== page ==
Installing a fresh air appliance introduces fresh air throughout the home and extracts the stale air on a consistent basis. Fresh air appliances bring in fresh air through a filter to prevent outdoor pollutants from entering the home. The fresh air appliance installation costs more than opening a window initially, but long term it can save your family money through heat and energy recovery methods.

On the other hand, and dependent on where the window is in the home, opening a window will only ventilate the general area around the window. Also, opening a window introduces outdoor air without a filter. This leaves you with less control over the location and the amount of fresh air entering your home.

13. How much does it cost to maintain a healthy indoor environment?

To know the cost of ventilating a space, we need to know the energy associated with operating the fresh air appliance (mostly the fan motors) and the cost of conditioning the outside air (beyond what the fresh air appliance provides for free via recovery).

For example, one of our most popular residential fresh air appliances is the ATMO 150H. It uses 168 Watts of electrical energy while operating. Depending on the actual fresh air appliance model, the frequency of use, and the electricity rate, the operation cost will be some amount more or less than $174 / year (operating model ATMO 150H continuously at electricity rate of $0.12 / kWh).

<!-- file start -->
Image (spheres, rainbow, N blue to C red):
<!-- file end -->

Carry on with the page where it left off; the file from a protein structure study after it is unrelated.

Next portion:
A traditional, 80 CFM bath exhaust fan typically has a power consumption of 26 Watts, which is about $27 annually at the same electrical rate.

Across the fresh air appliances that Fantech offers, the average recovery rate ranges from 60-80% effectiveness.

With a fresh air appliance and a bathroom fan, maintaining a healthy indoor environment can cost up to $200 per 100 CFM annually. With heat or energy recovery options, Fantech can cut that number by $120 with 60% recovery and $160 with 80% recovery. Therefore, you would only pay $80 annually with 60% recovery and $40 annually with 80% recovery.

14. Which wall controller should I use with a fresh air appliance to supply air on demand?